Important: Paths MUST start with a slash (/). The URL pattern app/projects will consider app as the domain, and will match full URLs such as https://app/projects (which doesn’t really make sense). The right pattern here would be /app/projects.

Dynamic path segments

To match dynamic path segments (e.g. /app/apple/projects and /app/banana/projects), use a colon and an arbitrary name such as /app/:company/projects. :company will match a non-empty path segment, meaning it will not include /. The name after : does not matter and is currently not used for anything.

/app/:company/projects and /app/:slug/projects are equivalent and will match:

  • /app/apple/projects
  • /app/banana/projects

They will not match:

  • /app/projects (missing path segment)
  • /app/apple/projects/1 (deeper path)

Wildcard paths

You can also use * as a wildcard character to match nested paths.

/app/* will match both /app/one and /app/one/two, but not /app.

/app* will match /app, but will also match /applications.

/*/projects will match /app/projects and /app/one/two/three/projects.

You can mix wildcards and dynamic path segments at will. Example: /*/customers/:customer/invoices/:invoice/*


The query is what comes after ? and before the fragment (starting with #), if any.


A URL can contain multiple query parameters separated by ampersands (&), as in ?fruit=apple&tab=analytics. Query parameters are matched one by one. Order of query parameters does not matter. Extra, non-matched query parameters, are not considered.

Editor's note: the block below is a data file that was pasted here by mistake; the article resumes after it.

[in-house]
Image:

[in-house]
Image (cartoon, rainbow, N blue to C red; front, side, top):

?fruit=apple&tab=analytics will match:

  • ?fruit=apple&tab=analytics
  • ?tab=analytics&fruit=apple (different order is OK)
  • ?other=test&fruit=apple&another=test&tab=analytics (extra parameters are ignored)

But will not match:

  • ?fruit=apple (tab parameter is missing)
  • ?fruit=banana&tab=analytics (wrong value for fruit parameter)

Wildcard query parameter values

You can use * to match any value in individual query parameters. It’s required that the query parameter is present though.

?param=a* will match:

  • ?param=apple
  • ?param=alphabet

It will not match:

  • ?param=banana (does not start with a)
  • ?param (no value)
  • ?param2=apple (wrong parameter name)

?param=* will match:

  • ?param=apple
  • ?param (no value, but present)

It will not match:

  • ?param2=apple (wrong parameter name)


The fragment is what comes after #.


Since the fragment is often used like a path in single-page applications, fragment obeys the same rules as Paths.

To match a dynamic fragment segment: #/projects/:project/dashboard.

Using wildcard: #/projects/:project/dashboard/*.